I started this before I began writing the novel and never finished. There are more Ends of the Earth - for a start I live within walking distance of the sea and you can see the continent from the coast. Here it is, unfinished.
Flee to the Ends of the Earth is one of my favourite phrases. Here's some places I've been that vaguely fit that definition.
- Port Arthur, Tasmania. It's on a peninsula in the South East of Tasmania. Many people who visit Australia miss Tasmania entirely because it's kind of small and not on the way to anywhere. Port Arthur was delibrately isolated from the rest of Tasmania as it was a penal colony.
Tasmania was intersting - temparate rather than the subtropical I'd been in Sydney. I went up Mount Wellington and it snowed; down the bottom it was raining, then the next day was showers and the day after was gorgeous warm sunshine. Almost like home, except with a huge mountain behind it and the enormous Southern Ocean swells. And all the Australians, obviously.
- The Orkney Islands. Here I've written about the weirdness that went down there as I was coming down with something nasty and here the stuff that went on in concensual reality. Also on my way there I went through John O'Groats, the least attractive tourist spot I've ever visited. If it weren't for the tacky rubbish it'd be an interesting little harbour though. A big hill and a castle and we've got a setting for an outpost at the edge of civilised lands - sounds good!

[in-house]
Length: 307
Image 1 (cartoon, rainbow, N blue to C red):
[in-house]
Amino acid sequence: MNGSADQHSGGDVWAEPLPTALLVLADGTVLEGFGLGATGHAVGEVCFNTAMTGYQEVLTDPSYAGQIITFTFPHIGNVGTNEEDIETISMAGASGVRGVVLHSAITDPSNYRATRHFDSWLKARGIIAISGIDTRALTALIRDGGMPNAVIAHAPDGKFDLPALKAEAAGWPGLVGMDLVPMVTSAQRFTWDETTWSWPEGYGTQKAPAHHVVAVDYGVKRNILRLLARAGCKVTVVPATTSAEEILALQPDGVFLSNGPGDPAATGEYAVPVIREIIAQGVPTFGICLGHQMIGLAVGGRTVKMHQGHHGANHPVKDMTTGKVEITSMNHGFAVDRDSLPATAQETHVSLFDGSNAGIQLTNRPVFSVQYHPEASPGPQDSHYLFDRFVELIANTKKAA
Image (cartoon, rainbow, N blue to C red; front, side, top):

- Stewart Island, New Zealand. "Go to New Zealand. Head south to the end of South Island. On the road from Invercargill to Bluff is a ferry, which will take you 17 km south to Stewart Island." Following these instructions lead me to what the hostel manager in Invercargill claimed was the southernmost pub in the world. He may be right, but only because he's not counting any cantinas in Tierra Del Fuego as pubs, as is his right. South is onlt Antarctica
Bluff is also an End of the Earth in that it has one of those signposts to everywhere and a novelty sculpture, in this case a big anchor chain to stop South island drifting away.
 In the Southland museum in Invercargill I learned about the sub-antarctic islands, which have no permanant inhabitants. One set of them was on the route from Australia to Cape Horn, and unsurprisingly people kept getting shipwrecked on them. In order to help them out the put sheep on the island, which lead to it becoming a nice closely trimmed lawn, and incidnetally wiping out most of the bird life. What with improvements in navigations and communication, the sheep have been removed allowing the island's ecosystem to begin recovery.
 Well, some were removed as some of the characteristics they'd developed were of interest. The rest were shot.